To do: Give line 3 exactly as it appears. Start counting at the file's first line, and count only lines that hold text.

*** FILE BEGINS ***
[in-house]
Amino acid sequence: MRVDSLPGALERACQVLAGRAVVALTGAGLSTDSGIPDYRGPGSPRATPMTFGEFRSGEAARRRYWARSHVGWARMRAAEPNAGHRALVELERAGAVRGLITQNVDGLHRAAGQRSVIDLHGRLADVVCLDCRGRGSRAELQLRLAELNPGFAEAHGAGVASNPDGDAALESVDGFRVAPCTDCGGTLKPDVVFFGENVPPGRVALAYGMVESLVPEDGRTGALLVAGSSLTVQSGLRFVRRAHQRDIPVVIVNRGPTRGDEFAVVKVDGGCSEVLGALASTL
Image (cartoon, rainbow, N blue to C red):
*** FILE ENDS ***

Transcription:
Image (cartoon, rainbow, N blue to C red):